Rebecca McCullough, a Weber spokeswoman, said Pearl has no plans yet on what he will do after resigning from the school.
Pearl, who worked as a dentist before coming to the school, is credited with having transformed Weber into a substantially larger, fiscally stronger and more respected program than it was when he joined the Sandy Springs school 16 years ago. Since becoming head of school in 2000, Pearl has focused on growing Weber’s enrollment, strengthening its academic and Judaics programs, overseeing its move to a new and permanent campus and stabilizing its financial position.
Under Pearl’s leadership, Weber has evolved from a small Jewish day school of 19 students to a respected, values-based, college preparatory school of about 240 students with 550 alumni. Its graduates are regularly accepted into the nation’s best colleges and universities, and now comprise a growing body of young Jewish adults who live, study and work all over the world. Pearl leaves Weber having solidified its standing as one of Atlanta’s best private schools.
“Rarely is a school blessed with strong, consistent leadership for such a long period — as Weber has been with Sim. While we are sad to learn of his decision to leave, the board understands and supports his wish to make this change,” said Weber board president Lori Kagan Schwarz.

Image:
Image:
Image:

Weber’s board has named DRG, a New York-based executive search firm, to lead the national search for Pearl’s successor, with hopes to name a new head of school by June 2014.
In 1997 Pearl joined the fledgling new high school, then known as The New Atlanta Jewish Community High School, as its first principal. In 2000, he was named to the top post. With his unique brand of warmth and vision, Pearl — or “Sim” as he is affectionately known — embraced an educational philosophy of “head, heart and hand” and welcomed students from across a broad spectrum of the Jewish faith. The school’s transdenominational approach supported its consistent growth, eventually requiring a move from its temporary home on the Marcus Jewish Community Center campus to a larger and permanent campus of its own.
“The pure joy of seeing this school grow, of knowing so many wonderful young people and seeing them stay connected to their Jewish values and become Jewish leaders, has been remarkable. But it’s time,” Pearl said of his decision to leave the school. “Weber has a unique spirit among its students and faculty that drives its success. It has a strong board and the support of the Atlanta community and federation. It is ready to move to the next stage in its life. And so am I.”